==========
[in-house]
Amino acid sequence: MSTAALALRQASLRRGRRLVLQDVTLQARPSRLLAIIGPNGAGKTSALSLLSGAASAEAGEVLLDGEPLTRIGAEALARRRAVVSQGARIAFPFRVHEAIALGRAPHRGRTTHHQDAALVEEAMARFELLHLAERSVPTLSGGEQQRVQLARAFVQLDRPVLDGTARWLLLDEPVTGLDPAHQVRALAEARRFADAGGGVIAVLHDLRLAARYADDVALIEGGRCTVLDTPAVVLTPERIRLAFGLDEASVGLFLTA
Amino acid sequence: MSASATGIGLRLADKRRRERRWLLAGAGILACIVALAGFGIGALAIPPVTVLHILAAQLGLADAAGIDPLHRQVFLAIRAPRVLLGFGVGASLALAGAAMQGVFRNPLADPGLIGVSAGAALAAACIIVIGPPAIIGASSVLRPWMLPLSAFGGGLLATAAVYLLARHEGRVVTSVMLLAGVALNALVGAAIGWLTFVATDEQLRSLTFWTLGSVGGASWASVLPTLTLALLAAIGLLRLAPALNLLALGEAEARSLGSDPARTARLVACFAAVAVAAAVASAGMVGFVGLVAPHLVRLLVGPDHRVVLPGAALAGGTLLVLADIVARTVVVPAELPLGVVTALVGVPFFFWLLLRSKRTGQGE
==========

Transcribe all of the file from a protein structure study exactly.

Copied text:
[in-house]
Amino acid sequence: MSTAALALRQASLRRGRRLVLQDVTLQARPSRLLAIIGPNGAGKTSALSLLSGAASAEAGEVLLDGEPLTRIGAEALARRRAVVSQGARIAFPFRVHEAIALGRAPHRGRTTHHQDAALVEEAMARFELLHLAERSVPTLSGGEQQRVQLARAFVQLDRPVLDGTARWLLLDEPVTGLDPAHQVRALAEARRFADAGGGVIAVLHDLRLAARYADDVALIEGGRCTVLDTPAVVLTPERIRLAFGLDEASVGLFLTA
Amino acid sequence: MSASATGIGLRLADKRRRERRWLLAGAGILACIVALAGFGIGALAIPPVTVLHILAAQLGLADAAGIDPLHRQVFLAIRAPRVLLGFGVGASLALAGAAMQGVFRNPLADPGLIGVSAGAALAAACIIVIGPPAIIGASSVLRPWMLPLSAFGGGLLATAAVYLLARHEGRVVTSVMLLAGVALNALVGAAIGWLTFVATDEQLRSLTFWTLGSVGGASWASVLPTLTLALLAAIGLLRLAPALNLLALGEAEARSLGSDPARTARLVACFAAVAVAAAVASAGMVGFVGLVAPHLVRLLVGPDHRVVLPGAALAGGTLLVLADIVARTVVVPAELPLGVVTALVGVPFFFWLLLRSKRTGQGE